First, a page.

The Required Environment
Excellent abalone can only be cultivated in a clean and healthy environment. The impact created by the flow of the sea influences the texture of the meat. The sea quality, water temperature and the type of available food determines the growing speed, the taste, and the colour. Therefore, abalone from different seas and countries vary greatly in taste, quality, and appearance.
Abalone likes to live in a rocky area close to shore where the water is clear, moving and with a rich source of seaweed. These areas provide maximum food and also maximum protection for the abalone from its natural predators. Different species have the ability to survive at different depths. Most abalone prefer cold waters so they can be found in shallow reef areas just below the waters edge down to as deeps as 400 metres. Abalone cannot survive in a place where sea water is mingled with fresh water, or where the water is dirty.
The Growing Process
There are four to nine holes on the shell surface of the abalone, parallel and protruding from the rounded edge. They function as passages for breathing, excreting and for reproduction. The antennas of the abalone come in contact with the outside world by sticking out from underneath the cover of the shell. During spawning, both male and female abalone discharge eggs and the semen into the seawater, where they mix and fertilise. Within ten days, the infact abalone is formed. After three years, the young abalone can grow up to 10 centimetres in length. The infact abalone depends first on the egg yolk, then it can take in a Uni-cell algae and organic cells. The intake increases but it won’t take seaweed until it matures as an adult. It takes up to 8 years for an abalone to be fully developed.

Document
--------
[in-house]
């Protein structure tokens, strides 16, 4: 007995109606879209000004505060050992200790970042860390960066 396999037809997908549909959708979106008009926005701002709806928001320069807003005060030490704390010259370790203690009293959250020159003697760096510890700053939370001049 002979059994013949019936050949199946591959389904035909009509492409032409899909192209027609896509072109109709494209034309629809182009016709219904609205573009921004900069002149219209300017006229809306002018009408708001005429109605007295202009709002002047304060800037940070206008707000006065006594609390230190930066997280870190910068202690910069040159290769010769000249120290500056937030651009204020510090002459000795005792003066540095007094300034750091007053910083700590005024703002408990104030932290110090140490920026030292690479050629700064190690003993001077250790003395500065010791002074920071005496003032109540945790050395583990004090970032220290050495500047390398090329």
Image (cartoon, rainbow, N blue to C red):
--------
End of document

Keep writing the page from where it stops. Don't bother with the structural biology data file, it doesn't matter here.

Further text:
The disproportion in the limited supply and large demand leads to the high price, with the quota of Abalone allowed to be caught each year in Australia heavily restricted to ensure this delicacy is sustainably preserved for the future.